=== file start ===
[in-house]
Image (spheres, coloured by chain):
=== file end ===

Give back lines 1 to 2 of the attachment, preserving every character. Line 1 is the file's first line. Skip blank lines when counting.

[in-house]
Image (spheres, coloured by chain):